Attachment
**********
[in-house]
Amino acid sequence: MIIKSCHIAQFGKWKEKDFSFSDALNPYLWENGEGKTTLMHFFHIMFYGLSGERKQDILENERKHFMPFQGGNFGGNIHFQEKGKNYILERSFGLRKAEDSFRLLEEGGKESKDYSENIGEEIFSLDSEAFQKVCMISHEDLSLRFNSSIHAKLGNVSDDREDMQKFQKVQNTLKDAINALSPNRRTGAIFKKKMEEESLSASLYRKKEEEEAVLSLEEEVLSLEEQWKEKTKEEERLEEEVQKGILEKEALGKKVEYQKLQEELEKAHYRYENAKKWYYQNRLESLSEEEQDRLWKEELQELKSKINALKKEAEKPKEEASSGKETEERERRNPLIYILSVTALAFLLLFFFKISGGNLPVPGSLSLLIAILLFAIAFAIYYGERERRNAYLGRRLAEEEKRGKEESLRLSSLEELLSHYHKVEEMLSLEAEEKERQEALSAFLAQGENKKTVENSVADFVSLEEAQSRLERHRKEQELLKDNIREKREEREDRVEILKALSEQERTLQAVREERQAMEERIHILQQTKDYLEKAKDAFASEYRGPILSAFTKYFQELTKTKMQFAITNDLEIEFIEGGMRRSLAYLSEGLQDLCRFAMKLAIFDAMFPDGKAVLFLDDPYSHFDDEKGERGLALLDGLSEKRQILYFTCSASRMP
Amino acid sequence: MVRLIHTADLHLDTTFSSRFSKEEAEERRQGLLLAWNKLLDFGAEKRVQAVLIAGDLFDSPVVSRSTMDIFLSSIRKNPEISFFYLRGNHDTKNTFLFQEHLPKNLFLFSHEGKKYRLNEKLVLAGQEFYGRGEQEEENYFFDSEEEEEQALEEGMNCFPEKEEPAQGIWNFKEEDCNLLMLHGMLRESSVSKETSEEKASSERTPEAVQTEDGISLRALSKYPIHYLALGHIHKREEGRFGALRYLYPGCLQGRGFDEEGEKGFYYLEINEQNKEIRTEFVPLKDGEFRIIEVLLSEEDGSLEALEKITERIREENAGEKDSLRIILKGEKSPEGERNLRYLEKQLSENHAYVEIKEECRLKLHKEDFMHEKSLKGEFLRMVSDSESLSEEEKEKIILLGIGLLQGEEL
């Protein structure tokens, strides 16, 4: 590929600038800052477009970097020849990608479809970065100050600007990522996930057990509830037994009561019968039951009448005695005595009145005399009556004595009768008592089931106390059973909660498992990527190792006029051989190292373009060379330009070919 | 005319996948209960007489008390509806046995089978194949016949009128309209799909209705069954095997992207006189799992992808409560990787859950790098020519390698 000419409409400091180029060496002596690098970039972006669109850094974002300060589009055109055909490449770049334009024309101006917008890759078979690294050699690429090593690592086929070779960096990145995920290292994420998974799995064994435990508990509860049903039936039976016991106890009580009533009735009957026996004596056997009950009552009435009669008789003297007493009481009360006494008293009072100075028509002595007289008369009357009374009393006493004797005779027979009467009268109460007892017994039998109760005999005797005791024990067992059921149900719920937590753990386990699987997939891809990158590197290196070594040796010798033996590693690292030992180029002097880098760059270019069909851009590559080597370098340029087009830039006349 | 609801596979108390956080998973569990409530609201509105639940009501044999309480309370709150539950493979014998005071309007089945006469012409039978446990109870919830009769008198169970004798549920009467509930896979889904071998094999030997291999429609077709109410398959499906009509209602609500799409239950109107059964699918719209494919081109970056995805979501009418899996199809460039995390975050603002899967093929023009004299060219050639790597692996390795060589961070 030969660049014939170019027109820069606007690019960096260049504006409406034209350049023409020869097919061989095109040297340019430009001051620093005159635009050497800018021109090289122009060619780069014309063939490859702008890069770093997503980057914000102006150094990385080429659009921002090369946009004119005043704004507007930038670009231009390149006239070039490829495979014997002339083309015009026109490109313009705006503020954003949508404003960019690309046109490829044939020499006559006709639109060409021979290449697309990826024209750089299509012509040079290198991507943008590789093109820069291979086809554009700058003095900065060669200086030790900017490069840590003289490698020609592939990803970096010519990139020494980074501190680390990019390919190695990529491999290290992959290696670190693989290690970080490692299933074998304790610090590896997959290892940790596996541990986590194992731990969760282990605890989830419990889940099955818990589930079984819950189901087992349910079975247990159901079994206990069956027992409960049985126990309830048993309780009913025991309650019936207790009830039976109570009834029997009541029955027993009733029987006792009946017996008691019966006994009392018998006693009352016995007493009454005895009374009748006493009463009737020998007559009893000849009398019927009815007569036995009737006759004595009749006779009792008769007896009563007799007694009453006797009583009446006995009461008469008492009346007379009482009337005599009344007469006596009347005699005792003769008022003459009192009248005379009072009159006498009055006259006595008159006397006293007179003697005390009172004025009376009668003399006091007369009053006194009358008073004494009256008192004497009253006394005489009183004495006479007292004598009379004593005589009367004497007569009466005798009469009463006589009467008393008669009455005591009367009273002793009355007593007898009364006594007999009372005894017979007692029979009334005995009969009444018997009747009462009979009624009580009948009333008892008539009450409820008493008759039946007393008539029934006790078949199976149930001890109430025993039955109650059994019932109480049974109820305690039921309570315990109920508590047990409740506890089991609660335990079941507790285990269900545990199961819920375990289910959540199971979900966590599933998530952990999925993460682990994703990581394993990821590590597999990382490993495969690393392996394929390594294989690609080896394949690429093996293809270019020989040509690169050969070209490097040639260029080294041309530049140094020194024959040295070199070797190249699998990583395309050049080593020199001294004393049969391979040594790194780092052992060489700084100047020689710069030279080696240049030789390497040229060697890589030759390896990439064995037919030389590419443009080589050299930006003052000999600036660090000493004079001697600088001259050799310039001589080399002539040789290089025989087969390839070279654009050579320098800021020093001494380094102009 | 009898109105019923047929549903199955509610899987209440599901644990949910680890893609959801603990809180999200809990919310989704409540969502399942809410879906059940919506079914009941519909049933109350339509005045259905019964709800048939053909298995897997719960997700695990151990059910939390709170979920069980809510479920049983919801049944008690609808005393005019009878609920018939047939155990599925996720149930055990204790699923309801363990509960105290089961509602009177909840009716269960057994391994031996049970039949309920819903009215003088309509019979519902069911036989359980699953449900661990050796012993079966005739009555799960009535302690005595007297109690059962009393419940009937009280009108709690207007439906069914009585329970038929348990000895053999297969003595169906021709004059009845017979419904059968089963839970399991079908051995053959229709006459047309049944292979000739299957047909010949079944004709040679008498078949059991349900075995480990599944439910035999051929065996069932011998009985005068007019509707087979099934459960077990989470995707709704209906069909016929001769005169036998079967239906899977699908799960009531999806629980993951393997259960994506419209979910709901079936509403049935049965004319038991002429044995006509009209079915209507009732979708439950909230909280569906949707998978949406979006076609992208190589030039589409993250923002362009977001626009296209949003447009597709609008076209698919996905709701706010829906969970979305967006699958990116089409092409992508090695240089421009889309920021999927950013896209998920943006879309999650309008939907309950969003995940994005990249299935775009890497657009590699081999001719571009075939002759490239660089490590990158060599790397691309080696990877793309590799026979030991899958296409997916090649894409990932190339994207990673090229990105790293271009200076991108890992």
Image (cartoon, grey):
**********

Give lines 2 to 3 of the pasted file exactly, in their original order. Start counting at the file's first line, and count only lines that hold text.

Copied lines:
Amino acid sequence: MIIKSCHIAQFGKWKEKDFSFSDALNPYLWENGEGKTTLMHFFHIMFYGLSGERKQDILENERKHFMPFQGGNFGGNIHFQEKGKNYILERSFGLRKAEDSFRLLEEGGKESKDYSENIGEEIFSLDSEAFQKVCMISHEDLSLRFNSSIHAKLGNVSDDREDMQKFQKVQNTLKDAINALSPNRRTGAIFKKKMEEESLSASLYRKKEEEEAVLSLEEEVLSLEEQWKEKTKEEERLEEEVQKGILEKEALGKKVEYQKLQEELEKAHYRYENAKKWYYQNRLESLSEEEQDRLWKEELQELKSKINALKKEAEKPKEEASSGKETEERERRNPLIYILSVTALAFLLLFFFKISGGNLPVPGSLSLLIAILLFAIAFAIYYGERERRNAYLGRRLAEEEKRGKEESLRLSSLEELLSHYHKVEEMLSLEAEEKERQEALSAFLAQGENKKTVENSVADFVSLEEAQSRLERHRKEQELLKDNIREKREEREDRVEILKALSEQERTLQAVREERQAMEERIHILQQTKDYLEKAKDAFASEYRGPILSAFTKYFQELTKTKMQFAITNDLEIEFIEGGMRRSLAYLSEGLQDLCRFAMKLAIFDAMFPDGKAVLFLDDPYSHFDDEKGERGLALLDGLSEKRQILYFTCSASRMP
Amino acid sequence: MVRLIHTADLHLDTTFSSRFSKEEAEERRQGLLLAWNKLLDFGAEKRVQAVLIAGDLFDSPVVSRSTMDIFLSSIRKNPEISFFYLRGNHDTKNTFLFQEHLPKNLFLFSHEGKKYRLNEKLVLAGQEFYGRGEQEEENYFFDSEEEEEQALEEGMNCFPEKEEPAQGIWNFKEEDCNLLMLHGMLRESSVSKETSEEKASSERTPEAVQTEDGISLRALSKYPIHYLALGHIHKREEGRFGALRYLYPGCLQGRGFDEEGEKGFYYLEINEQNKEIRTEFVPLKDGEFRIIEVLLSEEDGSLEALEKITERIREENAGEKDSLRIILKGEKSPEGERNLRYLEKQLSENHAYVEIKEECRLKLHKEDFMHEKSLKGEFLRMVSDSESLSEEEKEKIILLGIGLLQGEEL